BEIRUT — “What will happen to us that is worse than what happened to us on Aug. 4?”
Many people living or operating businesses in the neighborhoods close to the Beirut port — the carpenter in Karantina, the grocery store owner two streets away, the homemaker in Mar Mikhael — gave variations on this reply when asked if they are concerned about the collapse of a portion of the massive grain silos at the port.
Heavily damaged, first by the massive blast on Aug. 4, 2020 and then by a series of fires over the past few weeks, four out of 16 silos in the northern block collapsed Sunday evening. French engineer Emmanuel Durand, who volunteered for a government-commissioned team of experts and who has been using sensors to monitor shifts in the structure, told L’Orient Today that the remaining silos in the block continue to tilt at a rate requiring “minute to minute” monitoring. The expert reassured that for now the “south block is stable.”
The Environment and Health Ministries last week warned of potential health repercussions from air contamination in the event of a collapse. Officials distributed KN95 masks in the areas around the port and advised residents to close their windows.
But many residents greeted the warnings with a shrug.
Seventy-four-year-old carpenter and Karantina resident Shafeek Assaf told L’Orient Today that the Lebanese Red Cross had distributed masks Saturday which he, along with his family, did not wear.
“I just don’t think it’s that dangerous, especially when we have experienced much more dangerous events in Lebanon,” he said.
Assaf, who lives around 50 meters from the Beirut port entrance and owns a carpentry workshop in Karantina, said he did not leave the area during the recurrent fires and partial collapse of the silos, nor will he in case more silos collapse. He said that he will keep his business open for the time being, although business is slow due to the economic crisis.
Walid al-Kassem, 53, who lives in Karantina with his daughter and owns a mini market, said, “Where can we go? We have no other option. We have no other place to go.” He noted that he had seen “a little bit of dust Sunday but wasn’t scared,” adding that “after an explosion this big, I can’t be scared of something like that.”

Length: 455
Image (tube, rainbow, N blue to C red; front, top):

Kassem broke into tears suddenly before he continued, “We are alive only because we haven’t died yet.”
He, like many of the people interviewed, blames the politicians for the silos’ collapse and for the fires that were burning at the site for three weeks before Sunday’s partial collapse.
Experts and officials have said that the repeated outbreaks of fire at the port silos are due to wheat fermentation.
“They could have put the fire out… it’s all on purpose so that the silos collapse and the crime scene is wiped clean,” Kassem said.
For Naseem Abi Aad, the manager of the 92-year-old Kassab ice-cream shop in Gemmayzeh, the fact that the government has been incapable of putting out the fire at the Beirut grain silos is “a joke.”
Abi Aad, who used to work with the Lebanese Civil Defense, accused the government of “attempting to erase the crime evidence.”
Authorities and experts had said that the use of water would only aggravate the fire at the silos, stating that the only solution would be to wait for the fire to extinguish naturally.
“Instead of water, there are other chemicals and tools that can be used to extinguish a fire,” Abi Aad said.
Abi Aad added that he will close the shop on Thursday as the wife of the shop owner, a relative of his, had died in the blast — while visiting her ill mother at St. George Hospital, commonly known as Mustashfa Roum — but said that he will not necessarily join the organized march.
Distrust of the government extends not only to its response to the fires but to the official warnings of potential health hazards due to the silos’ collapse.
Ghassan Zaytoon, 59, who runs a hardware store in Gemmayzeh, an area less than 800 meters from the port, told L’Orient Today that he did not see any dust on Sunday, following the silos partial collapse.
“They are fooling people about the severity of what’s happening and about the toxins that might spread… so that they can lock people inside their homes, preventing them from protesting,” Zaytoon said, claiming that the authorities “are scared people would react to the silos’ collapse.”
He added that markets in the area remained open Sunday, including his shop, saying that there was a sense of normalcy. “No one was wearing any masks, nothing, and after around one hour, the street was crowded with bar-goers and life was normal.”
Zaytoon, who will close his shop on the two-year blast anniversary and join the march scheduled for Thursday, believes that the silos should be demolished if that’s the only option at hand, but only after the judiciary unveils the truth about the blast.
“After they tell us who’s responsible for the blast they can demolish the silos and perhaps build something like a martyrs’ statue in its place,” he said.
In case more silos collapse, “the most extreme measure I would take is to close the windows and stay indoors but my family and I did not think about temporarily leaving [the area],” said 62-year-old Saida Karam, a resident of Mar Mikhael, the neighborhood adjacent to Gemmayzeh. She told L’Orient Today that “the only dust I saw was on TV when I checked the news.”